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AFNIC Publishes New Issue Paper on "the Secondary Market in Domain Names"

Loic Damilaville writes to report:

Today AFNIC is publishing its new issue paper on the secondary market in domain names. The paper — written to inform individuals as well as businesses — gives a detailed account of the concept of "secondary market", the valuation mechanisms used, and the main players involved.

The secondary market covers over-the-counter sales of already registered domain names, as well as the market in "second-hand domain names" and the ecosystem made up of the various players involved in these matters.

The secondary market in domain names is still regarded as "confidential". Just a few record deals, like the sale of "credit.fr" and its associated website for almost €600,000 euros early in 2010, have drawn commentators' attention to this strategic market. Those spectacular examples, though, give only a partial picture of the real trends in terms of numbers of deals.

The whole market is sometimes disparaged as "mere speculation", but in fact there are real economic issues at stake for businesses, which cannot nowadays afford to regard domain names as anything other than intangible assets of primary importance.

After all, it is one thing to know the price of a domain name, but quite another to understand its real value.

For further information about the secondary market in domain names, please download the complete issue paper here [PDF].

For further information about the issue papers already published by AFNIC, please visit:
http://www.afnic.fr/actu/presse/liens-utiles_en

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I confine my comments on valuation.The report Alex Tajirian  –  Apr 07, 2010 11:00 AM PDT

I confine my comments on valuation.

The report is promoting ignorance about valuations in general and domain names in particular. First, there are standard valuation models, you mention only one, namely, the comparables approach. However, the cost approach, for example, is not appropriate for valuing intangible assets including domain names. Thus, there isn’t necessarily one correct method, but there are a lot of wrong ones. Second, you ignore the fact that if the methodology is wrong, having recent data will still not generate any useful insights. You still get garbage out. Third, you are forgetting that an appraisal should reflect the value of the asset’s best use, not its current use.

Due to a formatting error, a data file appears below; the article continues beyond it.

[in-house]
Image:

“[T]here is currently no valuation method which is stable and shared by all players, with which to judge the value of a given domain name. This makes this type of investment as risky as it can be
lucrative …”
(1) What is a “stable” valuation method? Are you creating your own vocabulary to further confuse people? Is Google’s search-result ranking model stable?

(2) Is a valuation significant only if all players share it? No, again! You are claiming that since not all search engines agree on the same search-result methodology, there is no value in using search engines. Nevertheless, there are scientific methodologies for evaluating the accuracy of a model’s value forecast without the need to agree on the set of predictive variables/model.

(3) Aren’t investments (including 30-day U.S. Treasury Bills) risky by definition? What does value have to do with being lucrative? Moreover, lucrative compared to what?

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